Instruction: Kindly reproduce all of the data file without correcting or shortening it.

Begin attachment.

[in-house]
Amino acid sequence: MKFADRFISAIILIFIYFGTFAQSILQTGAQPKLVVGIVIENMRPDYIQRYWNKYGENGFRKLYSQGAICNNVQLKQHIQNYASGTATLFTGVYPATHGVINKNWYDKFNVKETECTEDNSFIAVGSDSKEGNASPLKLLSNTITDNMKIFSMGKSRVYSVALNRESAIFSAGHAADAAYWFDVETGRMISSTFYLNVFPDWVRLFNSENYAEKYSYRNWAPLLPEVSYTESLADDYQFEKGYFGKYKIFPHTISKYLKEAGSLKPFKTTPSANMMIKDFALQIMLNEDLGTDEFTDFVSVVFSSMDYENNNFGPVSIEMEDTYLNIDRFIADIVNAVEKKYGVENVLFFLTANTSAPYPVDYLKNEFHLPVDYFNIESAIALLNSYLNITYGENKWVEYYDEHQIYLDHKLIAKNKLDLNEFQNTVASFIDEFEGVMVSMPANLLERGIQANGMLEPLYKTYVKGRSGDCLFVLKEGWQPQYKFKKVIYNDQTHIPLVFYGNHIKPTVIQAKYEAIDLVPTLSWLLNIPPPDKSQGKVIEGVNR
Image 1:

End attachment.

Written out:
[in-house]
Amino acid sequence: MKFADRFISAIILIFIYFGTFAQSILQTGAQPKLVVGIVIENMRPDYIQRYWNKYGENGFRKLYSQGAICNNVQLKQHIQNYASGTATLFTGVYPATHGVINKNWYDKFNVKETECTEDNSFIAVGSDSKEGNASPLKLLSNTITDNMKIFSMGKSRVYSVALNRESAIFSAGHAADAAYWFDVETGRMISSTFYLNVFPDWVRLFNSENYAEKYSYRNWAPLLPEVSYTESLADDYQFEKGYFGKYKIFPHTISKYLKEAGSLKPFKTTPSANMMIKDFALQIMLNEDLGTDEFTDFVSVVFSSMDYENNNFGPVSIEMEDTYLNIDRFIADIVNAVEKKYGVENVLFFLTANTSAPYPVDYLKNEFHLPVDYFNIESAIALLNSYLNITYGENKWVEYYDEHQIYLDHKLIAKNKLDLNEFQNTVASFIDEFEGVMVSMPANLLERGIQANGMLEPLYKTYVKGRSGDCLFVLKEGWQPQYKFKKVIYNDQTHIPLVFYGNHIKPTVIQAKYEAIDLVPTLSWLLNIPPPDKSQGKVIEGVNR
Image 1: